Retail sales of organic fruits and vegetables in the US continue to grow, but the way each store assumes their sale and the presentation strategies they use to do so may differ considerably.
The five stores of Sunset Foods Inc. in Highland Park, Illinois, usually offer more than 200 green items, said Vince Mastromauro, the stores' product director, who highlighted that the organic product category accounts for 8% to 10% of their product offer.
The main vegetable sales are of bagged salads, romaine lettuce, red and green leaves, kale, and spinach. In fruits, apples, summer fruits, and citrus fruits stand out. Mastromauro stressed that sales of organic berries, grapes, and lettuce had increased in recent years, possibly due to concerns about product safety.
Another example is the Apple Valley stores in Berrien Springs, Michigan, which have 40-50 units of organic produce in the fresh produce department, according to Brandon Easton, Apple Valley's product and supermarket manager. That accounts for at least 10% of the store's products.
The best-selling fruits, the professional stressed, are the bananas, the Gala apples, and the avocados. Meanwhile, the best selling vegetables in the store are the salad mixes. The Apple Valley Market presents one to five organic items in their ads each week.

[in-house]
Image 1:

Another example is Felton's Meat & Produce, from Plant City, Florida. This store's ecological program, however, is still not as advanced as that of other supermarkets.
The store only has three or four organic products, and they rarely have more than a dozen of them, according to their production manager, Ron Marshall. The organic products that have the highest demand there are the bananas, a couple of apple varieties, ripe tomatoes, and peppers packages.
Announcing the ecological offer is key
Positioning organic products in the retail sector is one of the key factors to increase sales of these products.
Sunset Foods stores display the refrigerated organic products in a 16-foot section, and their fresh organic produce is in a 12-foot section with a sign to differentiate it.
The Apple Valley Market of Easton markets most organic products together, but they also place some organic products that are clearly differentiated from their conventional counterparts next to the latter. For example, they can exhibit 2-pound bags of conventional lemons next to the organic versions, as the organic bags are clearly labeled as organic.
Organic avocados, on the other hand, are displayed separately from the conventional ones, as it is difficult to distinguish between the two types. The store uses colored signs so that consumers can distinguish between several items.
In the same way, the organic products at Felton's, Marshall, are marketed together in a 6-foot section and they are identified as organic via a large sign.